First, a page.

by Brian Hioe
Photo Credit: Joshua Wong/Facebook
THE HONG KONG Court of Appeal handed down jail sentences today to Joshua Wong, Nathan Law, and Alex Chow for participation in the 2014 Umbrella Movement protests, sentencing Wong to six months in jail, Law to eight months in jail, and Alex Chow to seven months in jail. The three were leading figures of the Umbrella Movement, Joshua Wong having been the leader of the Scholarism student group of secondary school students opposed to “patriotic education” instituted by the Hong Kong government and later the founder of the Demosisto political party. Public anger over Wong’s arrest after protest actions in which he and other students clashed with police were instrumental in sparking the Umbrella Movement’s occupation of various public spaces in Hong Kong. Law and Chow are both former secretary-generals of the Hong Kong Federation of Students and similarly were prominent figures during the Umbrella Movement, not only for protest actions, but also engaging in a televised debate with government officials such as then-Chief Secretary for Administration Carrie Lam, who is now Chief Executive of Hong Kong.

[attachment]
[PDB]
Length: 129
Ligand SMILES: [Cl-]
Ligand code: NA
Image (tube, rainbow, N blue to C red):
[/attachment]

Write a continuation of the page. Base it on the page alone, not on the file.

Joshua Wong and Scholarism rallying yesterday one last time before the verdict. Photo credit: Joshua Wong/Facebook
In the days leading up to the verdict, Wong, Law, and Chow notably stated that they expected to be jailed. Wong, Law, and Chow were convicted of unlawful assembly charges last July, with Wong receiving 80 hours of community service, Law receiving 120 hours of community service, and Chow receiving a three week prison sentence. None of the three had previously been convicted of any crimes. However, finding this sentence too light, the Hong Kong Department of Justice appealed the sentence earlier this month and the current decision more or less amends a relatively light punishment to a severe one. As such, Wong, Law, and Chow rallied yesterday with former Scholarism members and supporters in anticipation that this might be the last time they would be able to meet for some time.